• ticker or ticker, either of which will scroll that information across your console, vertically or horizontally;
  • figlet, or for real craziness, toilet … say no more;
  • or even just watch, which will allow you to paint it into a corner and update at set intervals. If you use a graphical desktop, try a terminal emulator set to be completely transparent, forced to the root desktop, reshaped to only one or two lines, and updating ansiweather at intervals. It’s like conky, without conky. πŸ˜‰

You might also consider cramming this into a terminal multiplexer, either as a specific panel or “desktop widget,” or through some sort of built-in status bar. Let me know if you figure that one out.

At first ansiweather might seem like a triviality, but like a lot of things with Linux, it’s not the tool that matters. It’s how you use it. πŸ˜‰

xargs: Obviously first

I feel strangely underqualified to mention xargs, even though it’s on my list as the first tool in the X section … once X itself is thrown out, of course. πŸ™„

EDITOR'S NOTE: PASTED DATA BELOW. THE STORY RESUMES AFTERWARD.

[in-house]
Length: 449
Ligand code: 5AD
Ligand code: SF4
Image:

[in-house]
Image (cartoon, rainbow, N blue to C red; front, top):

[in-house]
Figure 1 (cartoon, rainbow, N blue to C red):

I’ve known about and used xargs for the better part of a decade now, and it continues to crop up from time to time.

Strangely enough, I couldn’t spit out my own example of how to use it, even if I tried. It’s one of those things that’s around just enough to be useful, but not so often that I take the time to learn it right.

There are a few fun things that you do with xargs, that are worth mentioning.


The problem with that particular example is that you get the same results from

kmandla@6m47421: ~$  find music/ -maxdepth 1 -type d -exec echo "Directory: "{} \;

and so I can’t help but wonder what use it would be.

More helpful is the ability to pass specific information to other programs with xargs. For example. …


There, the results of ls are fed into wc via xargs. The problem again though, is that you get identical results from

kmandla@6m47421: ~/temp$ wc -l output-*